Must Germany bail out Portugal too?
by Ambrose Evans-Pritchard
Originally published 18 Apr 2010
PORTUGAL, NOT GREECE, POSES THE GREATER EXISTENTIAL THREAT to Europe’s monetary union. The long-drawn saga in Athens can perhaps be deemed a case apart. Greece lied. Its budget deficit was egregious at 16pc of GDP last year on a cash basis. It wasted its EMU windfall, the final chance to bring public debt back from the brink of a compound spiral. You cannot blame the euro for this, although EMU undoubtedly created a risk-free illusion that lured both Athens and creditors deeper into the trap – and now prevents a solution. Nor would an orderly default under IMF guidance along Uruguayan lines necessarily imperil Europe’s banks. The Bundesbank hints that letting Greece go would prove a healthier outcome for EMU in the long run, upholding discipline.
However, Portugal did not cheat (much) and did not start as an arch-debtor. It did mishandle the run-up to EMU in the 1990s, failing to offset a fall in interest rates from 16pc to 3pc with fiscal tightening. Boom-bust ensued. But that was a long time ago. Portugal has since settled down to a decade of sobriety. The reward never came.
Brussels admitted last week that Portugal’s external accounts have switched from credit in the mid-1990s to a deficit of 109pc of GDP. This has been caused by the incentive structures of EMU itself. “The more broadened access to credit induced a significant reduction in the saving rate, while consumption kept growing faster than GDP. This development led to an increase in Portuguese indebtedness,” it said.
The IMF’s January report – worth examining for its horrifying charts – said “The large fiscal and external imbalances that arose from the boom in the run-up to adoption of the euro have not been unwound, resulting in the economy becoming heavily indebted and growing banking system vulnerabilities. The longer the imbalance persists, the greater the risk the adjustment will be sudden and disruptive.” The IMF noted the “heavy reliance” of banks on foreign wholesale funding, equal to 40pc of total assets. Lisbon reacts with outrage to Greek parallels. “Nonsense without any solid foundation, revealing ignorance,” said finance minister Teixeira dos Santos. He was responding to remarks by New York Professor Nouriel Roubini that Portugal might be forced out of the euro, and by ex-IMF chief economist Simon Johnson that Portugal is on “the verge of bankruptcy”.
Yes, Portugal’s public debt will be 86pc of GDP this year against 124pc for Greece (EC estimates). That is small comfort. Giles Moec from Deutsche Bank said Portugal’s private debt reached 239pc in 2008: Greece was 123pc. Total debt levels matter. The last two years have taught us that private excess lands on the taxpayer one way or another. For Portugal, the figure is now is in the danger zone above 300pc.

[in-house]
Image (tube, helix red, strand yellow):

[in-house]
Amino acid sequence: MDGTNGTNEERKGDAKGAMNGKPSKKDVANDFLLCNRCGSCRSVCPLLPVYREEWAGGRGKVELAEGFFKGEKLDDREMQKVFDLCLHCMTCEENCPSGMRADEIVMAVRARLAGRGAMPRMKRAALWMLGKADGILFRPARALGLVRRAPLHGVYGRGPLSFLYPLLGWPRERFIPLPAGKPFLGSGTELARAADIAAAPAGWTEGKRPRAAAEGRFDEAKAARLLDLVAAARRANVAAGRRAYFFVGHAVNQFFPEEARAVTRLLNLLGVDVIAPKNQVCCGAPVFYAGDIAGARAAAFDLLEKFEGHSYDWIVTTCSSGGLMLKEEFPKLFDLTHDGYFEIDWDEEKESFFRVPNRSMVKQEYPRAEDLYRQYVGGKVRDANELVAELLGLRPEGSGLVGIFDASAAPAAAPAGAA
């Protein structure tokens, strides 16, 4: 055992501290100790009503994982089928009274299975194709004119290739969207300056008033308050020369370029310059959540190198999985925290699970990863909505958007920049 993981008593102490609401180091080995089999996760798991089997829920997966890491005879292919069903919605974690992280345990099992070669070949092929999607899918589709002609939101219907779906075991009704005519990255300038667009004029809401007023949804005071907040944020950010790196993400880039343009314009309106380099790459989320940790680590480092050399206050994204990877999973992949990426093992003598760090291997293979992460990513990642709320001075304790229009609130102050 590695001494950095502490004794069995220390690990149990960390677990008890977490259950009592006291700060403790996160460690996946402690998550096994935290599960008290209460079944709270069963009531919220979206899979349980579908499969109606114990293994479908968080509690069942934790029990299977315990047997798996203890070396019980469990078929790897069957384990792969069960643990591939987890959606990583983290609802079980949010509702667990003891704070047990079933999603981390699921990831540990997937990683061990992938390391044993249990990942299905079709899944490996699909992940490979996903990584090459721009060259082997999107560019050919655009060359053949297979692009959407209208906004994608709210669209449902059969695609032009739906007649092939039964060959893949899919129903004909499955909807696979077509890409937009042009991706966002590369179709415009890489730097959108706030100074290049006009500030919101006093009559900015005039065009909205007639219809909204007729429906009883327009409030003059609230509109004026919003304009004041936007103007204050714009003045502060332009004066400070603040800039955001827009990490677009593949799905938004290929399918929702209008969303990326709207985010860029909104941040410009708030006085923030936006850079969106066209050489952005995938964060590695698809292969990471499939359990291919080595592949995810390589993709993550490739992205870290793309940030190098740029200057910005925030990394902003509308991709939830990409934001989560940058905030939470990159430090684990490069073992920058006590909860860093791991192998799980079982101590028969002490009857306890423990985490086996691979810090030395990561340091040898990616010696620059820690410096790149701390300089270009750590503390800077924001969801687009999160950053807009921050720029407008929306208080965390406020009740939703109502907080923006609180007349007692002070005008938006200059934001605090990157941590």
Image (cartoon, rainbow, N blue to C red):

Mr Moec said Portugal has been blighted by entering EMU at an overvalued exchange rate: “Portuguese exporters have never been able to recover”. The country has plugged the perma-gap with foreign loans. This cannot go on. The current account deficit is still running at 10pc of GDP, and the patience of global investors is snapping. Euro enthusiasts are mystified at why Portugal’s catch-up growth stalled in the 1990s. Productivity has been stuck at 64pc of the EU-15 level, refuting the cardinal assumption of EMU that North and South must converge over time.
This should be no surprise. A study of the Latin Monetary Union after 1865 by Kee-Hong Bae and Warren Bailey showed there was no convergence for half a century. Weak states cheated, inflating stealthily by dumping silver coins on others. The project was kept alive by French subsidies. That is what haunts Germany today.
Let me be clear, Portugal has not been reckless. It has been run better than Britain for the last eight years. Its banks did not go berserk. House prices have been well-behaved. Lisbon has been cutting public sector jobs for year after year. This can be overstated, of course. The IMF says Portugal still has EMU’s most rigid labour markets. Social transfers have risen to 22pc of GDP from 18.5pc since 2005. Yet you cannot argue that Portugal is a basket case. It has hit a brick wall anyway.
Brussels is now telling Lisbon to cut yet deeper to reduce its budget deficit, 9.3pc of GDP last year. It is one thing to persuade a country to retrench after a boom, it is another when there has been no boom at all. Portugal must do this under a minority government. Socialist premier Jose Socrates survives on sufferance of conservatives, who are wobbling. Portugal does not face an imminent funding crisis. If Europe’s economy grows briskly, it may be enough to lift the country off the reefs. But one thing seems sure: Germany is not going to bail out any more countries, and the IMF is too small to cover.